The signature of this brand of humor are its characters. One or more are ridiculously over-the-top and exaggerated. Ben Stiller’s White Goodman is just our average workout junkie and evil corporate CEO wrapped into one. Except this is a satire of sports movies so he is the over-the-top one. Opposite him is his Peter La Fleur, the underdog of the tale, played by Vince Vaughn. Rounding out Peter’s ragtag posse trying to save their gym from hostile takeover are Kate Veatch (Christine Taylor), a lawyer who has caught the eye of both White and Peter, Justin (Justin Long) a high school outcast, Gordon (Stephen Root), a connoisseur of obscure sports, Owen (Joel David Moore) and Dwight (Chris Williams), two ex-airport employees, and Steve the Pirate (Alan Tudyk).

Vince is the straight man to Stiller’s funny man. When the two of them are on screen together, they play off each other so well it’s magic. Sometimes a comedy duo works when the pair are friends, like Wedding Crashers, but here, Vaughn and Stiller play enemies and it works splendidly. Vaughn’s timing and deadpan delivery complement Stiller’s crazy antics and exaggerated delivery. If you’ve seen any movie starring Vaughn, you should know exactly what to expect from him. However, Stiller never seems to have a signature style. He is like a chameleon who can adjust to what the films needs. While White may not be as iconic as some of his other roles, Stiller is a perfect fit for the part.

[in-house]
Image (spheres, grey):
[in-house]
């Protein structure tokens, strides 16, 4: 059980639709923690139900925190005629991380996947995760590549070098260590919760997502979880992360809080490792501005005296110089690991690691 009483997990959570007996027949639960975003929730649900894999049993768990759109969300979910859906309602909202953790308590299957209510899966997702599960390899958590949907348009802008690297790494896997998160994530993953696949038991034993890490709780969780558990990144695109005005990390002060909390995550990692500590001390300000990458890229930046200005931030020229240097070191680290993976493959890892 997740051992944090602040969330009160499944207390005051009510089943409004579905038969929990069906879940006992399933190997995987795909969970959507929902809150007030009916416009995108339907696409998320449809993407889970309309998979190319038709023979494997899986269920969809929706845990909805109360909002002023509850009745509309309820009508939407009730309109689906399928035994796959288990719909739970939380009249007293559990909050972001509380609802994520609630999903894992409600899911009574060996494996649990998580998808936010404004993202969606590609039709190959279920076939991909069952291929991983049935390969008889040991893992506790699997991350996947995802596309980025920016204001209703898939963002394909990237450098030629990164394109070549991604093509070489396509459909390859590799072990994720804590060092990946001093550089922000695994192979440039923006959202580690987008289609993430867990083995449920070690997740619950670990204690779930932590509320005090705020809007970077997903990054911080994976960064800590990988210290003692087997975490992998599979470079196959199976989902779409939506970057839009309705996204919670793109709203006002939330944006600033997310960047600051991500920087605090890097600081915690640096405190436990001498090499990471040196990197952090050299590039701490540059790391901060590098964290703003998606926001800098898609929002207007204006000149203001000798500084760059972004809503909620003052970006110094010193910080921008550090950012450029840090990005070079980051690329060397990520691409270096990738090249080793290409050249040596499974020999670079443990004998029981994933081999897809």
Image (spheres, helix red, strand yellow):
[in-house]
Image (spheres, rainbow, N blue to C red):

The supporting cast is just as entertaining and hilarious as the two leads. It’s hard to pick a favorite from the group. Justin Long’s body language when he delivers his lines always has me laughing. He makes the most of this when he continuously gets hits by dodgeballs. If you’ve watched Office Space, you know how funny Stephen Root can be. His โ€œL for ‘love’โ€ line is one of my favorites in the whole movie and one that I use myself to this day. Joel David Moore, Chris Williams, and Christine Taylor all also have their own moments to shine and don’t disappoint. And of course I have to bring up the talented Alan Tudyk. His pirate impression makes me wish he’d speak like a pirate all the time! Simply put, everyone does fantastic.

I thought Dodgeball: A True Underdog Story was GREAT ๐Ÿ˜€ The stand-out cast is the highlight of this film and what makes the humor work. Everyone gives fantastic performances and all have several great and memorable moments. Endlessly quotable, this sports spoof never fails to make me laugh, even after at least a dozen viewings later.

Favorite Quote
White: Nobody makes me bleed my own blood. Nobody!


Cast & Crew
Rawson Marshall Thurber โ€“ Director / Writer
Theodore Shapiro โ€“ Composer

Vince Vaughn โ€“ Peter La Fleur
Ben Stiller โ€“ White Goodman
Christine Taylor โ€“ Kate Veatch
Justin Long โ€“ Justin
Stephen Root โ€“ Gordon